Played during the Cold War, the Reykjavik match also carried political undertones. Fischer had already accused the Soviets of rigging the tournament system and didn’t mince words in his feelings about them, saying the match was “really the free world against the lying, cheating, hypocritical Russians … They always suggest that the world’s leaders should fight it out hand to hand. And that is the kind of thing we are doing.”
Fischer missed the competition’s July 1 opening ceremony, after demanding more money, as well as a cut of TV and film rights. After a two-day delay—and a doubling of the prize purse by British millionaire Jim Slater—Fischer finally showed. A call from Henry Kissinger, national security assistant for President Nixon at the time, may have helped persuade him to compete, as well. “America wants you to go over there to beat the Russians,” he reportedly told Fischer.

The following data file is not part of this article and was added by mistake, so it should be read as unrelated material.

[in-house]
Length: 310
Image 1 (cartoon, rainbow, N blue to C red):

“Fischer is known to be graceless, rude, possibly insane,” financier Slater once said. “I really don’t worry about that, because I didn’t do it for that reason. I did it because he was going to challenge the Russian supremacy, and it was good for chess.”
Spassky took the first game (Fischer blamed the TV cameras and ordered them to be removed). Fischer then forfeited the second game after some of his other demands weren’t met. Following much quarreling, the match resumed July 16 with a win by Fischer. Over 21 games, Fischer won seven, Spassky won three, and 11 were draws. Spassky resigned after 40 moves on the 21st game via telephone, with the final score set at 12.5 to 8.5
Fischer took home $156,250 in prize money for the feat, while the Soviet grandmaster Spassky, who was 35 and the reigning world champion, earned $93,750.
Fischer lost his world title by forfeit in 1975, when he refused to play against Soviet Anatoly Karpov in Manila after the competition’s governing body failed to meet all his demands.